Gorleston-on-Sea was first up and I was happy to return to this one. On my 2012 tour I was in the habit of parking in any old car park and then walking to the lighthouse rather than parking as close as I could to it. That meant I spent a little longer wandering the streets of Gorleston that time.

Gorleston lighthouse

This time I spent a little more time seeking different angles and approaches rather than just close-ups of the tower. This theme continued for much of the day, but more on that later. I made a point of walking around the back of the tower this time and then strolling out along the pier, noticing the beach on the other side, which I’d not realised was there before.

Gorleston lighthouse from behind

Joe the Drone had a bit of a fly around and captured some excellent pictures as usual.

Gorleston lighthouse with the beach in the distance
Gorleston harbour from above

Northwards we went to Winterton-on-Sea. Last time I was there I got the feeling that visitors weren’t massively welcome with lots of private road signs in the area. So I then settled for a view above the houses in nearby roads. This time though we went for a different approach, this time from the beach and sand dunes. 

Winterton-on-Sea lighthouse across the dunes

I’m glad we did as it’s a much more enjoyable approach. While Bob flew Joe about over me like I was in some sort of action film, I wandered as close as I could get to the lighthouse, which wasn’t that close, but I found some higher ground and got some nice views from there.

Winterton lighthouse from the coast

Joe had got some great views too.

Winterton lighthouse from above, looking north
Winterton lighthouse from above, looking south
Winterton lighthouse from the east

Bob then suggested we try approaching from the nearby holiday camp area so we set off back over the dunes. This turned out to be a good idea as, although we still couldn’t get close enough to touch the lighthouse we got much closer than I’d been before. So I was happy with that – and it was nice to see the tower behind the coloured little houses too! Winterton lighthouse is actually available as a holiday let and Lighthouse Accommodation can provide more details about this.

Winterton lighthouse from the neighbouring holiday accommodation

On the subject of Lighthouse Accommodation, which is written and compiled by my lovely friend Joy, our next stop was Happisburgh lighthouse where Joy is a very active volunteer. As we arrived at the lighthouse the clouds cleared and blue sky and sunshine came out. It’s always been nice weather when I’ve visited Happisburgh. 

Happisburgh lighthouse
Approaching Happisburgh lighthouse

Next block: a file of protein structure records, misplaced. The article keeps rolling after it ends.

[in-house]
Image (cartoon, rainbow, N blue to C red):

It was also nice and calm there today so the walk along the track to the lighthouse was very enjoyable as was the stroll around the wall. The lighthouse is currently closed because of the pandemic, but I would highly recommend going there once it opens again. It’s such a special place and you can see why the community work so hard to keep it running.

Happisburgh lighthouse from the entrance
Happisburgh lighthouse from the east

One more stop of the day and that was Cromer. The lighthouse here is at the end of a private road and the cottages here are let out by Rural Retreats. On other occasions we may have been tempted to drive up the road, but with Bob wanting to be there long enough to fly the drone I suggested we take the coastal route by walking from the town centre. It’s a great walk, although initially we weaved our way through the people in the town to ensure we kept our distance. Once we started walking along the promenade it was a bit easier and the views opened up. We reached the row of beach huts and Bob, who was in his usual position in front of me, spotted the steps leading up the cliff.

The sign that marks the start of the steps

I knew there would be quite a few steps and they were pretty tiring, but thankfully they changed direction enough to keep them a bit more interesting. Once at the top we took a left turn and followed the various paths along the coast. It wasn’t long before the lighthouse came into view, which is always encouraging! Bob, off in front again, found a narrow track leading from the path up to the lighthouse which went from a fair little path to quite a steep final section, but once at the top I was there and could enjoy views all around. 

Cromer lighthouse comes into view

There was a perfectly positioned helipad for Joe the Drone to borrow for take off.

Cromer lighthouse
Cromer lighthouse from the north
Cromer lighthouse from the west

I imagine Cromer lighthouse would probably have been quite a popular station to serve at as it looks fairly spacious judging by the size of the associated buildings and the width of the lighthouse. It was great to see the light on too. That’s always an added bonus.

Cromer lighthouse in action

On the walk back I enjoyed the occasional look back to the lighthouse as I took a slightly different route along the paths. The views down to the beach and pier were wonderful too with people’s reflections in the water.

Cromer beach and pier

Rather than taking the steps back down to the beach huts we followed the path down and came out in the town. More weaving between people ensued and we were soon back at the car.

A great day and I’m so glad I took the opportunity of suggesting the alternative routes at both Winterton and Cromer. The coastal route is near enough always more enjoyable. 🙂